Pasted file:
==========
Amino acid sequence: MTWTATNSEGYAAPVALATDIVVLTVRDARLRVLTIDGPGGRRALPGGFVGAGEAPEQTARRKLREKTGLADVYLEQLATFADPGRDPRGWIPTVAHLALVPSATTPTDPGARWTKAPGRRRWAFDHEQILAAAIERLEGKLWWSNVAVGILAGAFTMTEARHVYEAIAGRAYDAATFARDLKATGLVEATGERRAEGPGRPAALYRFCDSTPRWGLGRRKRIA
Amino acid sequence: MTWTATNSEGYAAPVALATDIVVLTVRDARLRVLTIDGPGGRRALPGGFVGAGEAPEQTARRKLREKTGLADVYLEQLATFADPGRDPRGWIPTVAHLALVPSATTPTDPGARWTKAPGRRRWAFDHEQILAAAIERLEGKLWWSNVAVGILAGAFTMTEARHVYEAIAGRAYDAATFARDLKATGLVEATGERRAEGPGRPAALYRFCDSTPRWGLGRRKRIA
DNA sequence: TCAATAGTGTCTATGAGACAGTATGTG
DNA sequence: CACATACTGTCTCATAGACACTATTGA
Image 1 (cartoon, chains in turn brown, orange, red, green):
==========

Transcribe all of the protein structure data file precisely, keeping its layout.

Amino acid sequence: MTWTATNSEGYAAPVALATDIVVLTVRDARLRVLTIDGPGGRRALPGGFVGAGEAPEQTARRKLREKTGLADVYLEQLATFADPGRDPRGWIPTVAHLALVPSATTPTDPGARWTKAPGRRRWAFDHEQILAAAIERLEGKLWWSNVAVGILAGAFTMTEARHVYEAIAGRAYDAATFARDLKATGLVEATGERRAEGPGRPAALYRFCDSTPRWGLGRRKRIA
Amino acid sequence: MTWTATNSEGYAAPVALATDIVVLTVRDARLRVLTIDGPGGRRALPGGFVGAGEAPEQTARRKLREKTGLADVYLEQLATFADPGRDPRGWIPTVAHLALVPSATTPTDPGARWTKAPGRRRWAFDHEQILAAAIERLEGKLWWSNVAVGILAGAFTMTEARHVYEAIAGRAYDAATFARDLKATGLVEATGERRAEGPGRPAALYRFCDSTPRWGLGRRKRIA
DNA sequence: TCAATAGTGTCTATGAGACAGTATGTG
DNA sequence: CACATACTGTCTCATAGACACTATTGA
Image 1 (cartoon, chains in turn brown, orange, red, green):